Yesterday, the U.S. Court of Appeals for the Third Circuit released an important decision regarding the liability of executives who allegedly omit information in quarterly filings.

United States of America v. Schiff , in which the government alleged criminal securities fraud,  should have implications beyond the criminal context. In Schiff, the Third Circuit rejected the government's attempt to expand liability for alleged failures to update or correct information in the marketplace. As a result, attempts by the SEC, as well as private litigants, to hold corporations or individuals liable for omissions or failures to update or correct filings similar to the government’s efforts in Schiff may also be found to be legally insufficient to impose liability. 

In Schiff, the government indicted two former high-ranking executives in a pharmaceutical company who allegedly participated in a scheme to encourage wholesale purchasers to acquire excess inventory. According to the government, the pharmaceutical company eventually recognized that the wholesale purchasers' inventory had exceeded "desirable" levels and, as a result, the company's prior sales estimates had been overstated. When the company announced that it had determined its prior sales estimates were "dramatically off track," the market responded with a stock drop of 14.7 percent.

As the Third Circuit found, the government introduced "new legal theories" that appeared designed to find "creative" ways to hold the former executives liable, even though the government conceded the company's filings with the SEC did not contain any affirmative misstatements. As a result, the government eventually settled on attempting to hold the former executives liable for omissions.

The government first alleged that one of the former executives should have corrected statements in analyst calls and that the executive's duty to make these corrections arose out of a general fiduciary obligation of "high corporate executives." The Court rejected this view as too far-reaching and as potentially encroaching on "conduct traditionally left to state corporate law." The Court also held that the anti-fraud provisions of the 1934 Act "do not contemplate the general failure to rectify the misstatements of others."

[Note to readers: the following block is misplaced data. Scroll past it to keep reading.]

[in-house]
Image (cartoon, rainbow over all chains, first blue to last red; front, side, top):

The government also alleged that one of the executives made material misstatements in quarterly analyst calls that he failed to correct. Because the government already conceded that the company's SEC quarterly filings were accurate, and because the government could not point to an event triggering the duty to correct, the court rejected the government’s attempt to hold the executive liable for his alleged omissions.

In addition to rejecting liability for a failure to correct, the Court also held that the executive could not be liable for a failure to update. The Court held that this duty is a "narrow" one that relates to "'fundamental changes' in the nature of a company―such as a merger, liquidation, or takeover attempt―and when subsequent events produce an 'extreme' or 'radical change' in the continuing validity of that initial statement."  In the circumstances of the case before it, where the statements related ongoing sales volume, the Court held those statements "do not come close to fitting within the narrow range of this duty."

For more information on SEC enforcement, cooperation with the government, or internal investigations, please contact John C. Grugan at 215.864.8226 or, Justin P. Klein at 215.864.8606 or, M. Norman Goldberger at 215.864.8850 or, or Henry E. Hockeimer, Jr., at 215.864.8204 or

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